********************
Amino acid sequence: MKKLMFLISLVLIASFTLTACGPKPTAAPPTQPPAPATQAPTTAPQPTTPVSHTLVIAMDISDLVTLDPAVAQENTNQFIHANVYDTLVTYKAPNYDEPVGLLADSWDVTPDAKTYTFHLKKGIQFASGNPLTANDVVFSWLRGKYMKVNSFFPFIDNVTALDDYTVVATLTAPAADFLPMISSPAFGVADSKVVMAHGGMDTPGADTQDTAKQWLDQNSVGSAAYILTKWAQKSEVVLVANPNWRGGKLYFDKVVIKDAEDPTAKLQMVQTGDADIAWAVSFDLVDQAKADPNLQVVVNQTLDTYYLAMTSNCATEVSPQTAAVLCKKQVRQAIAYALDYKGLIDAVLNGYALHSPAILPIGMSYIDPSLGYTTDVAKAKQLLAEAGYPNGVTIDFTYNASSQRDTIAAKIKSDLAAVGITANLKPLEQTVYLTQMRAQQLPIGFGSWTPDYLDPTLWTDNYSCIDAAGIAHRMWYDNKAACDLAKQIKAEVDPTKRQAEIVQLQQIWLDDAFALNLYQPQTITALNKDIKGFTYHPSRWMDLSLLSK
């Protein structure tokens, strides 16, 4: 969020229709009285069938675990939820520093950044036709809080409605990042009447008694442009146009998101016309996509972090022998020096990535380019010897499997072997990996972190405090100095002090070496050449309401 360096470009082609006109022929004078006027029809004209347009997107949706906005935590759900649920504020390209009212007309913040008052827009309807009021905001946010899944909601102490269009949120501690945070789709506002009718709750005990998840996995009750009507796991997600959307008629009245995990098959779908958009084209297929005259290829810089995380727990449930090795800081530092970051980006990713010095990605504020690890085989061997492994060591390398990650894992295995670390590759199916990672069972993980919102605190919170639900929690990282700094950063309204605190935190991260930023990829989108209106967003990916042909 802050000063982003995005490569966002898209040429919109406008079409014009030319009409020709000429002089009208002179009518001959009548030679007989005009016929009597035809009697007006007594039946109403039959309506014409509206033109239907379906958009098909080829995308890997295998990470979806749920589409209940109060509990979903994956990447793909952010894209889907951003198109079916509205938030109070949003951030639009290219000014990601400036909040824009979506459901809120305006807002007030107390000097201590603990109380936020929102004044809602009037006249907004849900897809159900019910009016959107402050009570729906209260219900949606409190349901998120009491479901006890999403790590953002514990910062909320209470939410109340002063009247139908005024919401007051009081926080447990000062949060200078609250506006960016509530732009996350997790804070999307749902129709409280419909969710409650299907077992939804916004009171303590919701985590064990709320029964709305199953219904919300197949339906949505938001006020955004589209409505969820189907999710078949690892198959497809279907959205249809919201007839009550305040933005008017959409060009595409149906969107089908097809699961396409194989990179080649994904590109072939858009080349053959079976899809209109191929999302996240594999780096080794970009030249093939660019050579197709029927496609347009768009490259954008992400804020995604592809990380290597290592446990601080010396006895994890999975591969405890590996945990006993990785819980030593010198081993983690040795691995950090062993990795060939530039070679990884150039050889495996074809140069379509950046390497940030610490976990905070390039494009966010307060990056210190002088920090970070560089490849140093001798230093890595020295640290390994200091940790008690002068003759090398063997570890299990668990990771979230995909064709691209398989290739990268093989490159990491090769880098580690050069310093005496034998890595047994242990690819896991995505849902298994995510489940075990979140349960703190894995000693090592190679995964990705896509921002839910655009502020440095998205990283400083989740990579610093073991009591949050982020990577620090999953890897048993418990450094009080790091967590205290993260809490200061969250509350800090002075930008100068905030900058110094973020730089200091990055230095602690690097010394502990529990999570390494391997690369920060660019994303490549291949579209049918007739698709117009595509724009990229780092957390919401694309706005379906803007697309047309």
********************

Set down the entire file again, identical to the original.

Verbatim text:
Amino acid sequence: MKKLMFLISLVLIASFTLTACGPKPTAAPPTQPPAPATQAPTTAPQPTTPVSHTLVIAMDISDLVTLDPAVAQENTNQFIHANVYDTLVTYKAPNYDEPVGLLADSWDVTPDAKTYTFHLKKGIQFASGNPLTANDVVFSWLRGKYMKVNSFFPFIDNVTALDDYTVVATLTAPAADFLPMISSPAFGVADSKVVMAHGGMDTPGADTQDTAKQWLDQNSVGSAAYILTKWAQKSEVVLVANPNWRGGKLYFDKVVIKDAEDPTAKLQMVQTGDADIAWAVSFDLVDQAKADPNLQVVVNQTLDTYYLAMTSNCATEVSPQTAAVLCKKQVRQAIAYALDYKGLIDAVLNGYALHSPAILPIGMSYIDPSLGYTTDVAKAKQLLAEAGYPNGVTIDFTYNASSQRDTIAAKIKSDLAAVGITANLKPLEQTVYLTQMRAQQLPIGFGSWTPDYLDPTLWTDNYSCIDAAGIAHRMWYDNKAACDLAKQIKAEVDPTKRQAEIVQLQQIWLDDAFALNLYQPQTITALNKDIKGFTYHPSRWMDLSLLSK
């Protein structure tokens, strides 16, 4: 969020229709009285069938675990939820520093950044036709809080409605990042009447008694442009146009998101016309996509972090022998020096990535380019010897499997072997990996972190405090100095002090070496050449309401 360096470009082609006109022929004078006027029809004209347009997107949706906005935590759900649920504020390209009212007309913040008052827009309807009021905001946010899944909601102490269009949120501690945070789709506002009718709750005990998840996995009750009507796991997600959307008629009245995990098959779908958009084209297929005259290829810089995380727990449930090795800081530092970051980006990713010095990605504020690890085989061997492994060591390398990650894992295995670390590759199916990672069972993980919102605190919170639900929690990282700094950063309204605190935190991260930023990829989108209106967003990916042909 802050000063982003995005490569966002898209040429919109406008079409014009030319009409020709000429002089009208002179009518001959009548030679007989005009016929009597035809009697007006007594039946109403039959309506014409509206033109239907379906958009098909080829995308890997295998990470979806749920589409209940109060509990979903994956990447793909952010894209889907951003198109079916509205938030109070949003951030639009290219000014990601400036909040824009979506459901809120305006807002007030107390000097201590603990109380936020929102004044809602009037006249907004849900897809159900019910009016959107402050009570729906209260219900949606409190349901998120009491479901006890999403790590953002514990910062909320209470939410109340002063009247139908005024919401007051009081926080447990000062949060200078609250506006960016509530732009996350997790804070999307749902129709409280419909969710409650299907077992939804916004009171303590919701985590064990709320029964709305199953219904919300197949339906949505938001006020955004589209409505969820189907999710078949690892198959497809279907959205249809919201007839009550305040933005008017959409060009595409149906969107089908097809699961396409194989990179080649994904590109072939858009080349053959079976899809209109191929999302996240594999780096080794970009030249093939660019050579197709029927496609347009768009490259954008992400804020995604592809990380290597290592446990601080010396006895994890999975591969405890590996945990006993990785819980030593010198081993983690040795691995950090062993990795060939530039070679990884150039050889495996074809140069379509950046390497940030610490976990905070390039494009966010307060990056210190002088920090970070560089490849140093001798230093890595020295640290390994200091940790008690002068003759090398063997570890299990668990990771979230995909064709691209398989290739990268093989490159990491090769880098580690050069310093005496034998890595047994242990690819896991995505849902298994995510489940075990979140349960703190894995000693090592190679995964990705896509921002839910655009502020440095998205990283400083989740990579610093073991009591949050982020990577620090999953890897048993418990450094009080790091967590205290993260809490200061969250509350800090002075930008100068905030900058110094973020730089200091990055230095602690690097010394502990529990999570390494391997690369920060660019994303490549291949579209049918007739698709117009595509724009990229780092957390919401694309706005379906803007697309047309």